Meeting the climate change challenge requires the “greening” of $5tn of infrastructure investment every year, former President of Mexico Felipe Calderon has warned.
Writing in the first report of the World Economic Forum’s Green Growth Action Alliance (GGAA), Calderon warns that continuing today’s investment patterns would mean missing climate change targets and compromising sustainable development.
“Delivering such inclusive development in a sustainable way, however, requires that we remain within the boundaries of what our planet can safely deliver,” writes Calderon.
“Economic growth and sustainability are inter-dependent, you cannot have one without the other, and greening investment is the pre-requisite to realizing both goals.
With infrastructure investment for sectors such as agriculture, transport, energy and water at about $5tn a year till 2020, the scale of the required changes are huge.
The report cites the switch from fossil fuels to renewable energy as one of the largest shifts required together with a transport revolution.
“This ‘business-as-usual’ investment will not lead to a stable future, however, unless it achieves environmental and sustainability goal,” said Calderon, who oversaw the creation of the GGAA when Mexico hosted the G20 meeting in 2012.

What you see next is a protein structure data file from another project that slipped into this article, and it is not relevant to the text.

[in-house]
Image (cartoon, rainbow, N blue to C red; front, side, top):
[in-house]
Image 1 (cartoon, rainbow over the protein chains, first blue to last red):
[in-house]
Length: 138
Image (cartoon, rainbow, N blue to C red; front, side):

This development needs to be greened by re-evaluating investment priorities, building capacity, investment-grade policies and improving governance, among other activities.”
While in office, President Calderon passed ambitious climate change legislation including strict vehicle efficiency standards, that were recently relaxed following pressure from car manufacturers. the country is also investing heavily in public transport.
The report also calls for $700bn of additional investment in order to avoid the 2°C level of dangerous warming with renewables, forestry, energy efficiency and sustainable transport the recommended beneficiaries.
This figure is far beyond the annual $100bn goal by 2020, set by the Green Climate Fund (GCF), which will become the main UN finance vehicle once it is operational.
According to the report, produced by consultancy Accenture, only around a fifth ($132bn) of the $700bn would need to be public money in order to stimulate this investment.
“Greening the economy is the only way to accommodate 9 billion people by 2050,” said Thomas Kerr, director of Climate Change Initiatives at the World Economic Forum.
“There are many successful cases where governments have strategically targeted their public funds to mobilize significant sums of private investment for green infrastructure. It’s time to scale up these proven solutions.”
The World Economic Forum’s annual meeting in Davos, Switzerland runs from January 23-27.